Friday, November 13, 2009

Artist Alert October 2009

Artist Alert
October 2009

Art, in any form, constitutes a key medium through which information and ideas are imparted and received. Artist Alert, launched by ARTICLE 19 in 2008, highlights cases of artists around the world whose right to freedom of expression has been curtailed and abused, and seeks to more effectively promote and defend freedom to create.

Burma: police warn that artists face execution as more are disappeared

ARTICLE 19 regards the censorship of artists in Burma to be amongst the most common and violent in the world. Since its inception the Artist Alert has regularly featured stories of Burmese artists being handed lengthy prison sentences for their courageous work.

The October edition of the Burmese police’s Crime News Journal has sunk to new levels with the announcement that artists who spread “public hatred against the government” possible execution. The warning appears to signify a change in law regarding artistic critiques of the government, which was previously limited to long imprisonment and fines under Article 124(A) of the Penal code.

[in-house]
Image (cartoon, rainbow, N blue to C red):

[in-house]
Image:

Arrests of artists in Burma are widespread. According to the Burmese organisation Assistance Association for Political Prisoners, in October alone the Special Branch arrested the poet and designer Khant Min Htet, singer Nyi Paing, and songwriter Min Satta. Min Satta was arrested on 16 October whilst staying at Nyi Paing’s house who was arrested two days later. Khant Min Htet was arrested on 22 October. All have since been disappeared and the authorities have refused to speak to their families.

In addition to imprisonment and harassment there are consistent reports of artists being tortured by government security agencies. In October the singer Htoo Htoo Chay was released from prison where he had allegedly been tortured following his arrest in September. (Source: Assistance Association for Political Prisoners, amongst others.)

China: artists censored and academics stifled as government celebrates 60 years

As China celebrates 60 years since the communist party gained power, reports of censorship and stifling remain constant.

In September the highly regarded artist Ai Wiewie was beaten by police and blocked from testifying in court. His colleague Tan Zuoren was charged with “inciting subversion of state power” by protesting over the collapse of school buildings following the massive 2008 earthquake. Ai lives in an artists’ colony in Beijing and writes a well known political blog which is regularly censored by government authorities.